Further searching shows that the working title for this programme was ‘Does Skunk Make You Crazy?’ I don’t know who decided on the title change. A better choice would be ‘One Man’s Personal Experience of Cannabis and his Assumptions about it’ because that is what this programme is. It will be bad enough if the BBC broadcasts yet another programme of anecdote masquerading as science. If it does so under the title ‘The Truth about Skunk’ I shall make a formal complaint.
The second ‘Why?’ is asked following a ‘news’ item on Channel4. I’ll return to my reasons for putting quote marks around ‘news’. This was an eleven minute report about the use of Catha edulis, khat, in the UK and the effect of the Home Office’s proposed scheduling on growers in Kenya.
In some ways it is quite an amusing item. The in studio presenter handed over live to a reporter in ‘a Somali café in north-west London’. Channel 4 News is broadcast from 1900 each evening so, to fit the stereotype, this place should have been full of people who had spent the afternoon chewing khat. Instead, behind the reporter were six people none of them chewing anything and none of them showing any sign of intoxication of any sort.
Then there was a clear demonstration of the sort of creep we expect to see. When Theresa May ignored the ACMD’s recommendation she claimed that her concern was that the UK could become a hub for trafficking to countries that have already outlawed it. The Channel 4 reporter, Jamal Osman, replace ‘could’ with ‘has’ to suggest that Ms May is attempting to deal with an actual problem rather than trying to create the spectre of some future problem to justify a decision based entirely on political dogma.
Whilst that produced a little wry smile the start of the dropped in filmed item was laugh out loud funny. It showed British Somalis celebrating the decision to schedule the plant and the voiceover claimed that Theresa May had become the unlikely hero of the Somali community. Not that the film showed ‘the Somali community’. It showed no more than a dozen Somalis bunched together to look like a crowd. It reminded me of the sort of ultra-low budget movies you used to see before CGI made it possible to create a crowd without needing real people in it.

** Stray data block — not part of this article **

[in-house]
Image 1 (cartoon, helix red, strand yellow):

Of course, Abukar Awale was there though not the one with the microphone and, of course, at the end of the filmed item shot in the miraa growing region of Kenya, he was one of the participants in the debate in the café.
Awale has, in the past, accused those opposed to changing the legal status of khat of racism on the basis that action would have been taken much earlier if white people had been involved but his tone, this time, was much more moderate. He even seemed to show respect for the ACMD whilst arguing it had reached the wrong conclusion. I can’t help thinking that he may be moderating his rhetoric because he has realised how isolated he is with his extreme views.
But, I said I asked the question ‘Why?’ In November 2012, the Delegated Legislation Committee cancelled the meeting it was supposed to have to consider the wording of the order that would schedule khat under the Misuse of Drugs Act. Though that committee cannot amend or overrule the change it does have to meet before the schedule can be revised. To date, no new date has been set for that meeting and the position of khat remains in limbo.
Nor has the Home Office given any response to the Home Affairs Select Committee report that recommended regulation rather than the use of the MDA 1971.
So, why on 6th January 2013 did Channel 4 News decide that khat was a current issue justifying around one fifth of the total programme length?